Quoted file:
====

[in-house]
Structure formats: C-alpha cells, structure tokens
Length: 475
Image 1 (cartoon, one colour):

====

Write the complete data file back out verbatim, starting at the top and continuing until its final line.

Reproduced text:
[in-house]
Structure formats: C-alpha cells, structure tokens
Length: 475
Image 1 (cartoon, one colour):